Wednesday June 12, 2013 6:52 am

Not only did Director of National Intelligence James Clapper purposely give misleading answers to Congress while under oath to hide the existence of NSA programs, but he also apparently lies about what these programs accomplished. The Obama administration declassified details about a terrorist plot that was supposedly stopped by PRISM, but Clapper got the basic details wrong.

NYC Bomb Plot Details Settle Little In NSA Debate

By MATT APUZZO and ADAM GOLDMAN, Associated Press

06/11/13 03:58 PM ET EDT

In the rush to defend the surveillance programs, however, government officials have changed their stories and misstated key facts of the Zazi plot. And they’ve left out one important detail: The email that disrupted the plan could easily have been intercepted without PRISM.

Zazi, an Afghan-American cab driver living in the Denver suburbs, was an al-Qaida-trained bomber. In September 2009, he sent a coded message to a Yahoo email address in Pakistan. Months earlier, British officials had linked the Yahoo address to a known al-Qaida operative.

The NSA intercepted that email, touching off a frenzied two-week investigation in New York and Colorado that led to Zazi’s arrest. He pleaded guilty and provided information that helped send two friends to prison.

When news of the phone-records program broke, officials quickly credited it with thwarting an attack.

A senior intelligence official confirmed soon afterward that Rogers was talking about Zazi, but offered no explanation.

Now, in talking points declassified by the administration, the government says that Internet eavesdropping, not archiving phone records, disrupted Zazi’s plans.

The use of PRISM to catch Zazi does little to resolve one of the key questions in the surveillance debate: whether the government needs to take such vast amounts of data, sometimes sweeping up information on American citizens, to keep the country safe.

That’s because, even before the surveillance laws of 2007 and 2008, the FBI had the authority to – and did, regularly – monitor email accounts linked to terrorists. The only difference was, before the laws changed, the government needed a warrant.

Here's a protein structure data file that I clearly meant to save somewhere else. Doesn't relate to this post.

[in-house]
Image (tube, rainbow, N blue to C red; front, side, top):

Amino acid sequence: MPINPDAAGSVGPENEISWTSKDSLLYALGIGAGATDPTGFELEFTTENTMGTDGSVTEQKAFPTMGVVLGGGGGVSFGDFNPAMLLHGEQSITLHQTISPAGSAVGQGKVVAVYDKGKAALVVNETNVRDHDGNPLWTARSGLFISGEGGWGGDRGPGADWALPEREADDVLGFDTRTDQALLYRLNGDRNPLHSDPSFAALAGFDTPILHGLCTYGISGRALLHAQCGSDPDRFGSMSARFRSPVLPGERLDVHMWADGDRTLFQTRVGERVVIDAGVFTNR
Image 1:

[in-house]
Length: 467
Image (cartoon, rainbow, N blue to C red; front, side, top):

To get a warrant, the law requires that the government show that the target is a suspected member of a terrorist group or foreign government, something that had been well established at that point in the Zazi case.

In using Zazi to defend the surveillance program, government officials have further confused things by misstating key details about the plot.

Director of National Intelligence James Clapper said investigators “found backpacks with bombs.” Really, the bombs hadn’t been completed and the backpacks the FBI found were unrelated to the plot.

Why Clapper’s Deception Destroys Obama’s Defense of Newly Revealed NSA Programs

By: Jon Walker Tuesday June 11, 2013 9:57 am

Not only are the prepared deceptive answers given by Director of National Intelligence General James Clapper in Congressional testimony potentially serious crimes, but the entire incident completely undermines President Obama defense of the newly revealed NSA domestic surveillance programs.

When asked about revelations Obama defended both the legality and legitimacy of the programs by repeatedly claiming they were subject checks by the other branches of government. Obama’s entire case for why these programs are acceptable is based on the premise that Congress is fully briefed and has complete oversight.

If this member of the executive branch in charge of said programs is going to mislead Congress under oath about the program then Congress is not being “fully briefed.” If the executive branch is going to actively and potentially illegally deceive Congress then it is impossible for Congress to engage in real oversight. Congress can’t provide a real check on that which it has been lied to about.

This problem is not only limited to Clapper. It should be noted that several members of the administration should have known about Clapper deceptive remarks when they were made. Yet apparently the administration did nothing to encourage Clapper to amend his answers while there was still ample time, publicly correct the record or punish him for his unacceptable behavior.

Punting the Pundits

“Punting the Pundits” is an Open Thread. It is a selection of editorials and opinions from around the news medium and the internet blogs. The intent is to provide a forum for your reactions and opinions, not just to the opinions presented, but to what ever you find important.

Thanks to ek hornbeck, click on the link and you can access all the past “Punting the Pundits”.

Follow us on Twitter @StarsHollowGzt

New York Times Editorial Board: Surveillance: A Threat to Democracy